Alabama Seizes Gambling Machines
Alabama has some of the toughest laws on the books to prevent gambling, and nearly the only form of gambling allowed in the state is bingo. Indian reservations, who are among the first in most states to build casinos, have to have the state’s permission to offer class III type games, which includes table games and slot machines. There is no such agreement between the Poarch Band of Creek Indians, but because of the state laws authorizing bingo for charitable purposes they can and do employ electronic bingo machines in their casinos on Indian land. Strange and the state of Alabama have no jurisdiction there.
They do have gaming facilities, but the games they offer are electronic bingo games.
Luther Strange, Attorney General for Alabama, announced in early November that another casino which featured electronic bingo games, the Southern Star Entertainment casino in Lowndes County, came under scrutiny several months ago. In early November, over 350 electronic bingo games were seized along with some amount of cash.
The casino had in the past operated paper based, traditional bingo games but brought the electronic bingo games in earlier in 2012. After several months’ investigation, the Alabama Justice Dept. concluded that the games were illegal and seized all the machines.
They have not made any such seizures from the Indian gaming establishments as they fall under a different set of rules, but the Strange is investigating his options on shutting down the tribe’s electronic bingo games as well.
The casino is currently closed and the phone disconnected; the machines and cash are being held as evidence and the machines and cash will be subject to forfeiture proceedings in the circuit court of Lowndes County.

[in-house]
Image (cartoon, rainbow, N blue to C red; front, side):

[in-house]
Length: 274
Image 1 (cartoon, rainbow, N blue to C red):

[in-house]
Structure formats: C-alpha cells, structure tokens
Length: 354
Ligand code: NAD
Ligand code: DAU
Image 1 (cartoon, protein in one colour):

Bingo is the one exception to the strict gambling laws that Alabama possesses; in fact, these laws are written into the States constitution, and the language according to the Alabama Justice Department extends to online gaming of any sort.
In 2000 Alabama voters approved a constitutional amendment that allowed charity operated bingo, and later approved an amendment allowing a business to operate the games for a charity. This is how the Southern Star Entertainment casino operated.
Earlier this year, in July, the state seized 400 electronic bingo games and $283,000 in cash from the Center Stage Alabama bingo casino near the town of Dothan, and Strange has urged the state legislature to increase the penalty for such crimes to a felony to act as a deterrent. The seizure of the 350 plus machines from the Southern Star Entertainment casino continued to Attorney Generals’ efforts again any type of electronic bingo machines.
While the two casinos insist that the electronic machines were legal, the Alabama Attorney General maintains that the electronic games were not what was intended in the voter referendums which allowed bingo games for charitable purposes.
Strange also maintains that the electronic bingo games operating under the jurisdiction of the National Indian Gaming Commission are illegal, but the commission can interpret state law as they see fit, and will not allow the state of Alabama or the federal government to seize the same machines on Indian lands. The federal government has no interest in pursuing Stranges’ policies on federal Indian land, despite letters he has written to them complaining of the games earlier this year.
While the three Indian casinos with electronic bingo machines are beyond the state of Alabama’s reach, it is evident that they will not allow electronic bingo games in any form outside of the Indian controlled lands.